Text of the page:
Last week, we learned about Solomon, and I commented on what I perceived as is root sin … pride. This week, we meet his son, Rehoboam, and I believe we see a continuation of that pride. It must have been tough for him. Having a father like Solomon must have been a lot to live up to. His first reported action as king is to meet with representatives of the people, who ask for relief from the burdens placed on them by Solomon. The elders urged Rehoboam to agree to their wishes, to solidify his hold on the kingdom. Instead, Rehoboam listened to his childhood buddies, and went into the traditional macho male bravado. He wanted to prove that he was a better man than his father. In ‘The Story” the line is translated as “My little finger is thicker than my father’s waist.” The NRSV makes it more explicit in 1 Kings 12:10: “My little finger is thicker than my father’s loins” (emphasis added). We men do tend to get hung up on things like that. 😉
Anyway, the people reject Rehoboam, except for Judah, as God had told Solomon. It wasn’t long after that happened that Egypt attacked Judah, and took away the temple treasures, including the gold ceremonial shields used by the temple guards. So what was Rehoboam’s reaction? Did he repent of his sin and turn back to God?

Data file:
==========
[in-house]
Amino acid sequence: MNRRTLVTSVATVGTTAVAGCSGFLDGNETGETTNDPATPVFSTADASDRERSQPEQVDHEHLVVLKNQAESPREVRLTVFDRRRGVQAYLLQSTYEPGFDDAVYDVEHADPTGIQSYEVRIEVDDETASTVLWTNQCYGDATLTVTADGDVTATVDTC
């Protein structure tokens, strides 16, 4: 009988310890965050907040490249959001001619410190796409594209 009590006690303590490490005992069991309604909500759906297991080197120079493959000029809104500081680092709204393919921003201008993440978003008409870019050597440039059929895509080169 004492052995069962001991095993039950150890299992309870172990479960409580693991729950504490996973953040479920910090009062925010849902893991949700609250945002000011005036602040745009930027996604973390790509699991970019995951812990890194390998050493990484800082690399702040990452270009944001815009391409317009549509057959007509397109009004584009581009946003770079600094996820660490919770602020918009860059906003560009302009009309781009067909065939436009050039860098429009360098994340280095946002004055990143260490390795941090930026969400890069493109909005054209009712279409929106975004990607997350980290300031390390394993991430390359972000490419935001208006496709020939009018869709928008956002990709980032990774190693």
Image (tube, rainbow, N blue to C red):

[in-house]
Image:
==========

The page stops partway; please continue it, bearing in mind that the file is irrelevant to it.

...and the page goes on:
Of course not!
Instead, he has bronze shields constructed to replace the gold shields. They’re kept under lock and key except when the king is going to the temple. What I see from that is that Rehoboam was more concerned with appearing that everything was going well, rather than actually doing something substantive to make things right. I believe he was so unwilling or unable to humble himself to the point of admitting his mistakes that he had to make sure he never saw the consequences of those mistakes..
Unfortunately, I think I’m probably as guilty of that sort of blindness as Rehoboam was. I’m terrible at admitting when I’m wrong. And if somebody else should point out one of my errors, I immediately get defensive. Even if, at some level, I know they’re right, I can’t seem to allow myself to be humble enough to admit it.
I suspect I’m not alone in that fault. Perhaps we can all learn something from Rehoboam and his stubborn hold of his pride.